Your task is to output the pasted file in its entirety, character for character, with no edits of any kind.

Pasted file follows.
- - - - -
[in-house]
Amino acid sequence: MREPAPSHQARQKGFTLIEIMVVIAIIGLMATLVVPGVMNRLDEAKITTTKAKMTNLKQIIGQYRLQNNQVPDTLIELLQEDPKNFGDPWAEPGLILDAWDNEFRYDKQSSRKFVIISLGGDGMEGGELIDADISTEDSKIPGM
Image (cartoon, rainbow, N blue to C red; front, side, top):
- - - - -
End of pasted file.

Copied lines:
[in-house]
Amino acid sequence: MREPAPSHQARQKGFTLIEIMVVIAIIGLMATLVVPGVMNRLDEAKITTTKAKMTNLKQIIGQYRLQNNQVPDTLIELLQEDPKNFGDPWAEPGLILDAWDNEFRYDKQSSRKFVIISLGGDGMEGGELIDADISTEDSKIPGM
Image (cartoon, rainbow, N blue to C red; front, side, top):